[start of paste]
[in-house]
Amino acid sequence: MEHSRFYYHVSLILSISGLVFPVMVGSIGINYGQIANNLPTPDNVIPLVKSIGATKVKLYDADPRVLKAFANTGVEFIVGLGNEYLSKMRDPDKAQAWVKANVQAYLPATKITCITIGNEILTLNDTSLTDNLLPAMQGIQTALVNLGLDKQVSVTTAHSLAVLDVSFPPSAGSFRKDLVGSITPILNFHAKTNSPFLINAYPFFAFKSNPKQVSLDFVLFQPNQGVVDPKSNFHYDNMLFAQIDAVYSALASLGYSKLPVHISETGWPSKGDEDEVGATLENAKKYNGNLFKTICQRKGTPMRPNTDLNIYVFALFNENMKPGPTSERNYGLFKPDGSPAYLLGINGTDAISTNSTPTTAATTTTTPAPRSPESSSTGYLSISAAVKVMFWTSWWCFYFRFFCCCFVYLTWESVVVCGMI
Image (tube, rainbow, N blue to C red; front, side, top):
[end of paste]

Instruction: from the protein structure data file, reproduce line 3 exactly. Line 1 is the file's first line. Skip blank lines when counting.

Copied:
Image (tube, rainbow, N blue to C red; front, side, top):